While I was preparing for a retreat at a monastery in the wilds of Yorkshire in the north of England, I pulled a few volumes from my overcrowded bookshelves, packed them in my case, and off I went. I didn’t expect to read many, but I was glad to have some spiritual nourishment in the eco-friendly wood cabin where I would be staying.
I also took along with me a long-standing issue with facial neuralgia which can be excruciatingly painful and random. I was once assailed in the shower and, clinging on to the pipes as the water rushed over my body, it was like being in a scene from Alfred Hitchcock’s Psycho, so stabbing were the attacks. I even felt I could hear the famous theme music, which struck me as hilariously funny—but laughing only made the pain worse.
The problem has been a daily trial for me for a decade and, after arriving in the monastery grounds, I knew the condition had no intention of retreating as well. The matter obviously became part of my prayer during my stay, and one evening I found myself reaching for one of the books I had brought along, a series of meditations by a Carthusian monk. I had, in fact, noticed the little hardback in my library for years but had never taken much notice of it. I couldn’t remember where I had bought it or how it had got there. But there are always surprises on retreats, and suddenly this lonely little second-hand tome burst into life for the first time.
Wrestling with the pain, I opened the book arbitrarily and on page 79 found a reflection entitled “Our Griefs.” It explained that every great grief conceals a great grace. God inflicts pain in order to cure. I read on rather cautiously, only to discover the monk revising his thinking. More correctly, he pointed out, God does not cause but “He permits the pain (which He does not want), in order to ensure the cure, which is His sole will.” That was a watershed moment in helping me come to terms with my affliction.
On that same page, I noticed that the previous owner had drawn a line either side of the reflection, as though it had meant something to her. Curious, I turned to the front of the book, only to discover in her own hand the signature of “Mary Benham, July 16th, ’69.” I could not believe what I was seeing because Mary had been a great family friend, a generous lady who must have given me the book at some stage. Perhaps I did read it all those years ago, but there it was in my hand now, destined to be held by me at the very time I needed it most.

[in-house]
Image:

In another chapter, the Carthusian says we should try to rise above suffering (easier said than done for many of us). It is a state of the soul, he suggests, which springs from the best that is in us, emanating from a desire to belong more and more wholly to God, so we can fuse our life with his. Our suffering should always remain calm and “ever turned towards the tranquillizing rays of a joy superior to it.”
In a further meditation on “Why We Must Suffer,” the monk explains that to give supreme grace to each of us, God stops at nothing. We suffer because God wants us to become “other Christs”: to be Jesus over again and, like him, misunderstood, persecuted, and made to bear the cross. “Looked at from any other point of view, suffering would be incomprehensible and intolerable.” He goes on: “To find joy in sorrow, life in death—that is the great secret by which our wounds are healed.”
Linguistically and theologically, the book is of its era, and yet in other ways is timeless. As you can imagine, my volume has become extremely precious. I’ve brightened the cover with a Taize icon of the Madonna and Child and a Taize postcard of Christ the Friend has become the bookmark.
The English translation comprises of two small books published originally in French, in 1948 and 1953, by the Benedictine nuns of Saint Priscilla in Rome. The first was called Silence Cartusien, the second Voix Cartusienne. The reflections are from the pen “of one who, in the silence of the Charterhouse, had already arrived at the summits of the spiritual heights, and dwelt there unceasingly. Souls who have reached such perfection in this life are rare; not so rare, however, are those who ardently aspire thereto. It is chiefly for such as these—to encourage and help them to arrive at those same heights—that these thoughts have been preserved and collected.”